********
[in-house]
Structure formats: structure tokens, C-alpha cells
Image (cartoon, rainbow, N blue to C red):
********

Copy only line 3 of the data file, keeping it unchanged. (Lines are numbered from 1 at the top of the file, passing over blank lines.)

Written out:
Image (cartoon, rainbow, N blue to C red):